You are spoilt for choice, just take the city’s cultural offer: I wouldn’t even know where to begin, but museums, opera, ballet, theatre, concerts, there is so much of a selection throughout the year, that you cannot get bored. There’s something for every taste.
Many times, your preferences will adapt to your new surroundings. Since coming to Munich, the outdoors has become my playground. I took up hiking and skiing, which was new and scary at first. But with the pre-Alps and Alps so close, I had to give them a chance and have fallen in love with nature. Walchensee, Benediktenwand and Tegernsee are great places for hiking. And there are so many great ski resorts like Wilder Kaiser, Ski Amade and Zillertal. For me, that had another positive side effect: This has made it easier for me to cope with the winter months 

That must have been a pretty big change. In the past, on a beautiful winter weekend, half of Munich was somewhere on a ski slope in the Bavarian uplands or in Tyrol. What role do the neighbouring countries play for expats?

It has been amazing to discover the beauty of these neighbouring countries – Italy, Switzerland, Austria, Czech Republic and so many more. Take advantage of their proximity. You can discover so many amazing places inside and outside Germany by car, but also by train. The “Bayern-Ticket” is one of the best kept travel tips – it can save families and large groups big bucks when traveling through Bavaria.
If you prefer to stay closer to home, Munich has much to offer: Oktoberfest, Tollwood and Auer Dult are only some of the many street festivals throughout the year. Get ready for the upcoming Christmas season! Christmas Markets usually start on the Friday before Sunday Advent and run through Christmas Eve. There are many throughout Germany offering spiced wine, food and local crafts. You can’t help being affected by the festive lights and cheerful mood of the locals.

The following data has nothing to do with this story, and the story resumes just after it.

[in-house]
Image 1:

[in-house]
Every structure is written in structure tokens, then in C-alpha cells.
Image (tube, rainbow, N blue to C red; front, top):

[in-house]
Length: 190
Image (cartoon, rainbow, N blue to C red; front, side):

What is your favourite among the Christmas markets?

In Munich, my favourite ones are the Medieval Market in Wittelsbacher Platz and the Christmas Village in the Munich Residenz.

Is there another tip for expats that we definitely shouldn’t forget?

Good that you ask, otherwise I would have almost forgotten the annual “Expat In The City” event – a very important event for expats. The next date is pending – so keep an eye out for updates on their website, which additionally has a lot of helpful resources for expats.
Also, venture out about town. Be a tourist in your new city. Munich is small, but there is much to see. Opt to travel by bike as much as you can. Bike paths throughout the city make it safe and practical to get around. But make sure you learn a few road rules before you do though.
And don’t give up when things get tough! I have had my ups and downs, it is not always easy. But I’ve slowly built up my support system consisting of both expats and locals alike. This balance has helped me in my own journey, and I have never regretted my move to Munich. I hope these tips help you settle into your new home.

Many thanks for the interview and all the tips, Jamie. And all the best with City Starlings!